16 April 2012

sarah crowEST, Victorian College of the Arts, Melbourne

Jake Walker:   You're originally from London, I imagine you were exposed to art museums as a kid. Did art appeal to you early on, or did you have other interests?

sarah crowEST:   I remember going to The Science Museum,The Natural History Museum and the V & A as a child and being enchanted but I don't think I entered an art gallery until I was a teenager. I have hazy memories of The Tate but a big Robert Ryman show at the Whitechapel blew my 17 year old mind. I grew up with a bodgy reproduction of John Constable's "The Haywain" over our mantelpiece. It was a free gift with a washing machine. As a young child I drew all the time and loved meddling with the house-paint tins in the shed. I always loved to make things and my mum taught me to sew beautifully. She was a "domestic science" teacher.

JW:  I can see how the described experiences have soaked into your practice (well all except the Constable print). It sounds like you had a very good grounding in arts and crafts. Your parents were obviously a great influence on you, your Mum through craft and your Dad through note writing.
You recently exhibited a series of reminder notes penned by your father. I loved the piece, could you tell me a little about it?

SC:  Ever since I can remember my dad wrote reminders to himself on the same-sized paper (the back of Frigidaire fridge price-lists) and kept them in a little pile. Whereas most people would write a list of the things they need to do or get.... my dad would select the required words or phrases from his pile and lay them out in a neat grid on the kitchen table usually before bed. For example, if he needed to get "maggots" for fishing or remember to "remove sack from engine" before he drove off in his car, those notes would be utilised. Similarly, various instructions for the milk man or the paper boy were kept ready-to-hand. When my dad became a corpse that pile of notes was my first choice of memento. I feel the most detailed, mundane aspects of his whole life reside in those worn and stained rectangles of paper. They bring him so close to me.

There is also a mound..... He was cremated... I wondered about that....

JW:   The notes are fantastic, I love your dads system. The economy of not having to write out many of the same items over and over is brilliant and more broadly expresses the  pragmatism of a generation that survived a war. These days we feel smug about putting our bottles in the recycling bin would never think to re-use ink. I have long been a fan of text based art work but it is seldom so profound. Colin McCahon spent his later years scrawling out passages from the old testament ostensibly as a form of catharsis but in truth it was alcohol that put him to sleep at night, whereas it seems that your dad just needed know that his notes would be there to greet him in the morning to get a good nights rest. I guess in a sense among other things this work could be peace of mind?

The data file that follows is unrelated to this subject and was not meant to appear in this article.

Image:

SC:   I like your idea that the notes might contribute to peace of mind. It sweetens something that I've always found very odd. As I child I always found my dad's eccentricity embarrassing. It helps, as gradually see myself becoming more like him, to see these behaviours in a more endearing light.

JW: I really hadn't considered the possibility that your dad was anything more than very organised, but you practice could definitely be considered eccentric. When did the fascination with mounds begin?

SC:  hmmmmn I can't pinpoint it exactly. I've always been attracted to Mike Kelley's (1990s?) work in which things are hidden under blankets thereby creating mounds. The idea interests me that something is lurking but you don't quite know what it is ...you can see 'it' is actually there but it is not clear what it is. With sculpture I am drawn to indeterminate forms, the unseen parts...I like to think about the inside... the unknown.

I have such a wide-ranging curiosity and appetite for reading, looking and making that I often feel I am running several parallel practices as an artist (in fact... I am). The attempt to focus my activity on a particular form 'the mound' is an attempt to contain this aspect of too much of everything. I will just make mounds until I die. Of course I fail to comply with my rule.... as you can see from my mound activity blog, there is unending richness and marvel to be found in looking at even such a simple, primeval form.

JW: I love how the mounds could be seen as accumulation or erosion. In this sense they echo natural geological process. Bronze casting, and to a lesser extent ceramic firing, have to me always resembled volcanic activity. When dealing with forms that resemble rocks this link is more acute. In you paper mache works the process appears to be more about smoothing of or eroding surface even though the process is in fact addition.

As far as we know nature is not critical of its mounds, as a human how do know when you have the lump you want?

SC:  I never know exactly what I want. I have to dive in and agglomerate the matter at hand almost blindly. Then parts of it will bother or delight me and I proceed on that basis to cover or build on the irksome parts and occasionally hack into it. There is a compulsion to make things "sound" and strong, to smooth and seal but I frequently attempt to suspend those urges and accept that which occurs unexpectedly which may not be a very harmonious shape. So... I know the lump I don't want. It's the one I try to live with in the studio that I cannot bear to look at without 'tending' to it and incrementally adjusting the form.

Final two photographs are taken by Chris Van der Spuy, of Sarah's exhibiton at The Margaret Lawrence Gallery, VCA, Melbourne, 2012. All other photos by Jake Walker